Letter to Illinois Adjutant General from Lt. Col. Luther Bradley

Headquarters 51st Ill,
Nashville Nov 13th 1862

Adjt. Gen. Fuller
Springfield, Ill.

I herewith submit the names of Officers nominated to fill vacancies in the 51st Ill., occasioned by the resignation of Col. Cumming, and respectfully request that they be commissioned.

In the month of August I forwarded to your office a list of names to fill vacancies in this Regt. occasioned by death and resignation. I did this in compliance with your Gen. Order requesting commanders of Regts in the field to forward names for promotion, assuming then that they should be promptly commissioned. Mail communication is now opened with the north after two and a half months interruption, and I hear nothing from the commissions but am indirectly informed that proceedings had been stayed in these cases by request of Col. Cumming. If this is the case, I submit that the principle of it is unfair. An officer in command of a Regt. is unquestionably a better judge of the efficiency of his subordinates than one who has been absent during nearly the whole period of acting operations in the field. And his endorsement should be sufficient to secure the promotion of those who have served with him. An officer who is held responsible for the good conduct of a Regt. in the field should certainly have a voice in the selection of those who are to serve under him.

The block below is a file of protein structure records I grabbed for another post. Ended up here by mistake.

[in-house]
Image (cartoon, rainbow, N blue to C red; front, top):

I had supposed that these nominations were made in accordance with established rules. If I am mistaken, I desire to be informed upon what principle vacancies in the Ill Regts are filled. If necessary, I will in future secure the endorsement of the Division and Department commanders.

L. P. Bradley
Lt. Col. Comdg.
51st Ill.

Source: Fifty-First Illinois Infantry Administrative Files, Field and Staff, Illinois State Archives, Springfield, Illinois.

Notes: Eventually Bradley prevailed, and the officers he nominated received their commissions. Cumming's influence in regimental affairs ceased altogether. Bradley himself was formally commissioned colonel of the regiment with an official date of September 30, 1862.

Bradley's mention of interrupted mail service refers to the period of time from September to early November during which the 51st and a number of other regiments marched in a rush from Alabama north to Nashville to hold it against Confederate attack. During that time Federal forces were cut off from communication and supply from "the North," which meant, to the soldiers, no mail, half rations, and lots of marching.